Too many people die due to delayed medical assistance every day in Uganda. This is despite government efforts to ramp up emergency pre-hospital care, which includes a more efficient and effective ambulance system. Most people have a story about someone in their family or community who did not receive the medical attention they needed because the ambulance never arrived. In 2016 alone, 336 out of every 100,000 pregnant women died because they were unable to reach a health facility or emergency service in time to safely deliver their babies.
Reasons often have to do with people not being able to afford the service, or the poor state, and low number, of vehicles, or misuse by ambulance drivers—including the unlawful transportation of non-medical goods or people. All these things make ambulances unavailable to the people who need them in the case of an emergency.
A medical worker from a hospital in Bugiri District in Eastern Uganda, drove the point home, recounting the daily reality. “I lost a patient because he was referred to Mulago Hospital in Kampala and had no money to afford fuel for ambulance transport. In the end, he decided to go back home. This isn’t unusual. There are many others who do the same.”
What’s more is that dispatch emergency management communication systems are not yet fully established across the country. People who live in hard-to-reach areas often cannot call an ambulance and receive help. They must instead find their own way to a hospital or a health facility.
Real-time tracking and performance monitoring
In response, the Government of Belgium donated ambulances to medical facilities in the Rwenzori and West Nile regions of Uganda, to ensure that people, and especially pregnant women, receive access to transportation and assistance.
To understand how these ambulances are being used and what other steps could be taken to improve emergency service delivery, Pulse Lab Kampala developed a digital application called Cheetah Tracker.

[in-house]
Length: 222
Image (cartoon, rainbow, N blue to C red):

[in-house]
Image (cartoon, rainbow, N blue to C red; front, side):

The tool, implemented with the Ministry of Health and Enabel, Belgium’s Development Agency, uses Global Positioning Systems (GPS) data to provide analytics on transport-related aspects of health service delivery through a user-friendly dashboard and SMS/email alerts.
How it works and primary results
Metrics about how ambulances operate are gathered and analyzed, giving medical staff and health officials real-time tracking information. For example, the application allows officials to know how much fuel was used, the top speed reached, and where (and for how long) an ambulance was parked.
Ms. Maria N. Nkalubo, Principal Operations Officer of Emergency Medical Services at the Ministry of Health, has seen the benefits first-hand and believes this use of big data is one way to provide better emergency services to citizens.
“There are many challenges in providing emergency service care across Uganda,” she said. “Some of the larger gaps include prohibitive operational costs of an ambulance fleet in some districts, while in others ambulances are so old or have logged so many kilometers they have become a hazard and should be taken out of service.”
By using the digital application, local and regional health departments will be able to keep better track of their ambulances. Users receive performance reports in real-time, which improves efficiency and can help emergency staff better manage the limited resources they have.
Most striking is that the GPS software has already made health staff across Uganda more conscious of how emergency vehicles are used. Because it allows someone in Kampala to monitor the location of an ambulance in Rwenzori, it provides better coordination. In addition, “If an ambulance is being misused,” Nkalubo said, “we are able to intervene and take corrective action, which saves lives and improves overall health service delivery.”
Saving lives, one ambulance ride at a time
To date, 27 GPS systems have been installed in ambulances in West Nile and Rwenzori and, once additional funds are secured, Pulse Lab Kampala will scale up the application so local and regional health authorities can outfit all emergency vehicles in both regions with Cheetah Tracker. Once those fleets are running at optimal capacity, other sub-regional facilities are in line to have the application installed in their vehicles.
Various other emergency services—firefighters, first response teams and law enforcement, have also expressed an interest in piloting Cheetah Tracker.